Dubai Is Outsourcing: Can Kerala Be its Back Office?

C. Sarat Chandran

The United Arab Emirates, and Dubai in particular, has been on a scorching pace of growth over the past 30 years. Much of that growth has come through the sweat and toil of the 2.5 million Malayalees living there. At the Arab Strategy Forum held recently in Dubai, Fareed Zakaria, the distinguished journalist and columnist, observed that “this city with all its grandeur is essentially built by immigrant population.” I imagine that he had the enterprising and highly productive workforce of Kerala in mind.

The forum was a high-profile affair with speakers such as the former President Bill Clinton, the New York Times columnist Thomas Friedman and Amartya Sen, the distinguished economist and Nobel laureate. But what struck me was the spirit of Kerala seen everywhere. In fact, the comment I heard on the sidelines of the conference is that “the best place to live in Kerala is Dubai!”

At the plush Madinat Jumeirah, the backroom boys of the convention were all Malayalees. So were the designers and decorators and also many of the reporters who covered the event on behalf of the leading Arab newspapers. The fact is that Kerala has a luminous brand equity in Dubai and perhaps much of the Middle East.


Skydiving in Dubai

However, the region from Abu Dhabi to Amman is currently facing a severe economic uncertainty following the steep fall in crude oil prices. Although this largely affects the gulf region, the impact on Kerala should be considerable. Last year, overseas Malayalees sent home a whopping $20 billion, and much of that came from the Malayalee workers employed in the gulf region. Is that massive flow of petro-dollars about to dry up? A significant number of these workers may also be forced to return home. How will Kerala cope with such a gathering crisis?

Peter Drucker, the celebrated management guru, once observed that “every crisis brings up its own solutions.” The gulf region is now on a transformational process and is re-inventing itself as sophisticated, technology savvy, digital economies. In fact, the UAE and Dubai in particular are now ripe for a digital revolution. Dubai is an economic powerhouse today aggressively driven by forces of globalisation, high technology and upmarket products and services -- luxury villas, seaside resorts, shopping malls, fashion shows and flashy brands. The world’s leading investment banks, multinationals and telecommunication giants are now converging in Dubai. Dubai is now billed as the next Singapore and the first “tiger” economy in the Middle East. There is, however, a side effect to all these relentless pace of growth. Dubai’s economy is getting overheated and in that overheating, costs are rising disproportionately. Remember, Dubai has no oil, its income is generated entirely through trade and services, and both are inflationary.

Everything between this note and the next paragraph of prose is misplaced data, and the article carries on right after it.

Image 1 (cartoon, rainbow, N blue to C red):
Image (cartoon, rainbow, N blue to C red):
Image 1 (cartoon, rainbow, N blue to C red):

That should drive Dubai to think of outsourcing many of the services to a less expensive offshore destination, where it should create jobs – accounting, payrolls, hotel reservations, telemarketing, help desk etc. This is Kerala’s chance and we need to seize this opportunity.


Technopark Thiruvananthapuram

A major element in such outsourcing decision is familiarity with the chosen partner. It is here that Kerala might score over Bangalore and Chennai. However, almost all of the over $10 million of outsourcing contracts the UAE extended to India in 2014 has gone Bangalore, Chennai and Mumbai. Why hasn’t this business come to the Technoparks and Info Parks in Kerala? That is because familiarity and closeness are not enough to get such massive outsourcing projects. Dependability will be seen as an even more important criterion. Dubai will need to be assured that there will be no disruption of work and that the investments Dubai makes here will be justified in terms of both productivity and continuity. In a way we need to assure them that Malayalees here are as good as the Malayalees in Dubai. That is a challenge we should accept if we have to find a solution to our growing unemployment problem.

The opportunities don’t end there. If Kerala can be the back office to Dubai, Dubai can also be the front office to Kerala. Dubai is today on the crossroads of international marketing and more and more countries are opening trade centers there to showcase their product range. Australia has just opened one. Thailand and Malaysia are planning theirs. Dubai is indeed the best place to exhibit Kerala’s products to the world at large: our spices, cashew, handloom and the exotic range of handicrafts. However, the biggest gain for Kerala will be in terms of tourism. As Thomas Friedman observed at the Arab Strategy Forum, “Dubai attracts an incredible six million tourists every year just to see the sands here.” That is the result of high-end marketing.

Kerala with so much to offer attracts less than a million foreign tourists a year. Taking a leaf out of Dubai’s marketing campaign, Kerala should be able to persuade two or three million of those foreigners to visit the state and that should pump in an extra 150 billion rupees to Kerala’s economy and create many more jobs.

There are many more hidden possibilities to be built on the equation between Kerala and Dubai. Whatever be the criticism on globalisation, the linkages between these two regions have been a story of success in the second half of the twentieth century. But the potential is far greater than the performance, and this is the time to leverage it.

(Photo credit: photo Q.Thang via / CC BY-NC-SA beinnmhor via / CC BY-NC !efatima via / CC BY-NC)